August 28, 2017

Difference Between Colorado and Willow Blades

Why have one over the other? This article explains as it applies to inshore fishing.

The spinnerbait is probably the most versatile lure for bass and redfish.

Every inshore angler has one or two in their arsenal, but I don't think too many put any thought towards why spinnerbaits are designed in different ways.

The most obvious are the difference between Colorado and willow blades.

Difference Between Colorado and Willow Blades

Let's break down the physical differences between the two, then jump into their performance and which ones to select for different scenarios.

Colorado Blades

Colorado Blade

Physical Characteristics

Colorado blades are wider and shorter than willow blades. This allows deeper "cupping", displacing more water.

They can be gold, silver or painted.


Now let's look at the performance of a Colorado blade.


Because of this, a Colorado blade produces more vibration and "thump", so much you can feel it in the rod during the retrieve.

This appeals to a fish's lateral line, the line going down the side of their body that allows them to sense displaced water and vibration.

Redfish Lateral Line

Colorado blades aren't very streamlined. Spinnerbaits equipped with one tend to roll on their side during a fast retrieve.

In all likelihood, most redfish will still hit a sideways spinnerbait. The downside is a bad hook set resulting from a hook traveling sideways through the water instead of up and down.

Willow Blades

Willow Blade

Physical Characteristics

Willow blades are longer and narrower than their stumpy cousin.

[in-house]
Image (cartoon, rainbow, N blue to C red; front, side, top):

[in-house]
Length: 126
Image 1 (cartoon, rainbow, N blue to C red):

Like a Colorado blade, they also come in gold, silver or painted colors.

Another chief difference is not their elongation, but their shape. It is shaped more like a small fish, but remember pogies are not so long and slender.



It is said a willow blade will give off more flash. I'm not sure that this makes sense, seeing a Colorado blade has just as much surface area to reflect light.

Since willow blades are streamlined, they move through water easily at high speed. Spinnerbaits equipped with willow blades are less likely to roll over.


At slower speeds, a willow blade dangles and doesn't spin as well as it could. This translates to decreased flash.

Since it's already long and slender, the willow blade doesn't vibrate nearly as much as a Colorado blade. It's even worse at slow speeds.

When to use Colorado or Willow Blades

You should use a spinnerbait when fishing dirtier water. Redfish are sight-feeders, but if the water is dirty they may have a tough time seeing a craw or swimbait.

So you want flash and vibration to get bites! Just be sure to use a slower retrieve to give redfish plenty of time to find it.

By the way... My favorite spinnerbait is Josh Hall's HD Spinnerbait. It's tough enough to handle the kind of fishing we do for redfish. Click here to read the review.

Heavey Duty Spinnerbait Colorado Blade

Josh Hall's HD Spinnerbait equipped w/ Colorado blade

For these reasons, I really like Colorado blades.

Now, using a spinnerbait as a "search bait" calls for willow blades.

A "search bait" is one you cast and retrieve a lot, in order to locate fish. Honestly, you don't need to catch them, you just need them to strike so you know they are there.

Once you get a strike you can slow down to give fish a lure/presentation they will commit to.

With that said, I still don't use willow-bladed spinnerbaits. Instead I use something more streamlined, like a Matrix Craw rigged onto an Owner 3/0 Flashy Swimmer, which has a willow-bladed underspin on it.


It's easy for anglers to fall prey to "shiny object syndrome".

You should know what you're purchasing and why it helps you out on the water, and let the fish fall for the shiny stuff!

Captain Devin

About the Author

Devin is a veteran of the Iraq War and former fishing guide. He founded Louisiana Fishing Blog in 2012 to share his ideas as a charter captain and still writes in it today. Since then he's created a fishing university — LAFB Elite — where he teaches inshore anglers how to safely navigate Louisiana's coast and catch more fish.

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